According to an old saying in Italy, if you go to Lucca and don’t try buccellato, this sweet Tuscan cake, you haven't been to Lucca at all. In Tuscany, there are very special stories surrounding the sweet filled yeast Striezel.Jump to Recipe
Bread from soldiers and cake tax
The name buccellato comes from the Latin buccellatum. In Roman times, this was the name given to the round bread that the soldiers handed out to the poor. The first recipe for buccellato was found in Lucca in Tuscany in a document from 1485. The sweet Tuscan cake, now flavoured with aniseed, was so widespread a few decades later that the Republic of Lucca imposed a tax on it in the 16th century. With the revenue, it was finally possible to renew the protective dams on the Serchio River.
Variations from north to south
Over time, both the recipe and the appearance of the buccellato changed. The dough became more refined and softer. In northern Italy, the original recipe was sweetened with raisins soaked in grappa. In Sicily, the dough flavoured with lemon and orange was filled with dried figs and nuts. Today this version is popular throughout southern Italy.
The cake and life events
In the Garfagnana region north of Lucca, buccellato soon played an unusual role. It became a lucky charm and a sign of change at key religious festivals in the life of Catholics: on the occasion of first communion, confirmation and marriage, godparents give their godchildren a buccellato with colourful ribbons. The ribbons symbolise the bond with each other and with God. The life span of a buccellato is usually short! However, if there are any leftovers and it becomes hard, you can divide it into bite-sized pieces (buccelae). You can roast these, then briefly dunk them in a cup of coffee or cocoa and eat with pleasure.
- 1 packet dry yeast, or 25 g fresh yeast
- 260 g flour, 00
- 260 ml milk
- 100 g raisins
- 2 tbsp rum
- 340 g flour, 00
- 80 g icing sugar
- 80 g butter, at room temperature
- 6 egg yolks, at room temperature
- 1 tsp vanilla extract
- 2 lemons
- 1 pinch salt
- 120 g sugar
- 140 g butter
- 300 g walnuts, ground
- 3-4 tbsp milk
- 1 tbsp honey
- 1 egg white
- icing sugar
- Prepare the pre-dough the evening before. In a food processor, mix the dry yeast with the flour and warm milk thoroughly. Then knead the dough on the work surface for a few more minutes by hand and roll into a ball. Place in a bowl and cover with plastic wrap, leave to rise at room temperature for half an hour. Place in the fridge overnight.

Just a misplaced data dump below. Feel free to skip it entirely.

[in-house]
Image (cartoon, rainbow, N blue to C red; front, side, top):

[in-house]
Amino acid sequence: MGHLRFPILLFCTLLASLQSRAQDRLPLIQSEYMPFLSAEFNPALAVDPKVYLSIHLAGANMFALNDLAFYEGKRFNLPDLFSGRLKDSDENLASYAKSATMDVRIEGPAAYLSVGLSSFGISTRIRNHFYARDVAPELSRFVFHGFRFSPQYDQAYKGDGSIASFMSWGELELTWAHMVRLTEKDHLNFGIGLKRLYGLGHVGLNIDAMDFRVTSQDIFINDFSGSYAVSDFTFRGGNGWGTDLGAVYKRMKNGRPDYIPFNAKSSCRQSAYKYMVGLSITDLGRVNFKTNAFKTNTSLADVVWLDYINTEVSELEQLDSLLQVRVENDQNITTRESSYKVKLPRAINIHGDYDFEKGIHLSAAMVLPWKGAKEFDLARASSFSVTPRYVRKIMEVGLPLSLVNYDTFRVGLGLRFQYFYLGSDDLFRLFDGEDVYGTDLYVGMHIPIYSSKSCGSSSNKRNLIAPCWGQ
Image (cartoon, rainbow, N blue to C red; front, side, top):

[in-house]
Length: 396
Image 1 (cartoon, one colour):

- The next day, take the pre-dough out of the fridge and pre-heat the oven to 180° C. Soak the raisins in the rum.
- Mix the butter, egg yolk, vanilla extract, the peel of the lemons and the dry ingredients (flour, sugar, salt) with a food processor. Divide the pre-dough into small pieces and add these gradually. Stir the dough until an even mass is formed and it detaches from the sides of the bowl. Finally, mix in the soaked raisins. Now place the dough on the work surface and knead by hand for a few minutes, form into a ball and leave to rest.
Fill and bake
- Meanwhile, beat the sugar, honey, butter and ground walnuts with a food processor until creamy. If the mixture is too dry, simply add some milk.
- Divide the dough into three parts. Roll out one part after the other thinly on a baking paper dusted with flour. Spread a third of the filling on each part and then roll up the dough like a roulade. Make vertical cuts at regular intervals in the rolled dough with a sharp knife until the middle of the roll.
- Grease a cake tin with butter and dust with flour. Carefully plait the three filled, cut rolls and place them in the baking tin. Cover and leave to rise at room temperature for one hour, then brush with egg white and bake in the pre-heated oven at 180° C for 45 minutes until golden brown. Allow to cool and sprinkle with icing sugar before serving.